As SailGP’s eight national teams ready themselves for the fourth event of Season 2, the waters of host city Aarhus played a key role in the continuing development of our cutting-edge F50 catamaran.

The City of Smiles this week hosts the ROCKWOOL Denmark Sail Grand Prix, and on Monday a mixed-team crew took to the water to test out the F50’s 29 meter wing for the first time ever.

The 24m wing used in Season 1 was added to ahead of this campaign, with a shorter 18m wing debuting at the season opener in Bermuda; it was while equipped with this 18m wing that Great Britain broke SailGP’s racing speed record on the Great Sound.

The development of the shorter wing allows SailGP events to take place at higher wind ranges, with the 18m wing typically used in the 20-30 knot wind range, while the original 24m wing can be used between 4 and 24 knots.

And now, with the creation of a 29m wing, SailGP’s total wind range increases further to allow racing to take place in the lightest of breezes.

The new wing took to the water for the first time on Monday, with United States Driver Jimmy Spithill skippering a wing testing crew in Aarhus, with Japan’s Chris Draper among those also onboard. Spithill's US boat was used for the test, although onlookers were treated to a peculiar sight as it was the Spanish wing which rose high above the Stars and Stripes.

Speaking upon his return to shore, Spithill said: “Today we went out and had 10-12 knots of wind, so we got to see [the wing] in the upper end of what we think would be its wind range.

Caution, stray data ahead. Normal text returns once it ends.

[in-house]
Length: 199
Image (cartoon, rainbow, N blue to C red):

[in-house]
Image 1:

“Structurally it was all okay, and we learnt quite a lot.

“The tech team, especially the engineering and design team, are happy, because it got sailed up-range and we pushed it. Now we have to go through all the data and the numbers and see if it got to its workloads and see if it got close or overloaded at any point.

“But from what we saw in the water it all seemed pretty good.”

As SailGP is a one-design class, all teams use the same equipment in every race, and developments such as the 29m wing are shared across each boat.

This willing sharing of information and accessible talent pool is something Spithill believes will only benefit SailGP and the teams in the long run, as everyone is working together to create faster boats and even more thrilling racing.

“One of the coolest things with SailGP is that it is a collective effort in terms of developing and upgrading the fleet, because you are not hiding secrets,” continued the US Driver. “The entire fleet gets upgraded together.

“That means you get to work with all the other teams. For instance, Chris Draper was onboard with us; he trims the wing in the Japanese team and we were sharing ideas. That is something new, because typically you are keeping your intellectual property in-house, but with SailGP you get to work together to get a better solution.

“The big test we still need to perform is the real light-air conditions we haven’t yet had during testing, and to line up the standard 24m wing.

“That should be the real test: the 24m wing vs the 29m wing with three people, and that will really decide whether it has a position in the fleet.”